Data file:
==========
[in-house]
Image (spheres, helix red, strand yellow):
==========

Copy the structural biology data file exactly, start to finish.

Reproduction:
[in-house]
Image (spheres, helix red, strand yellow):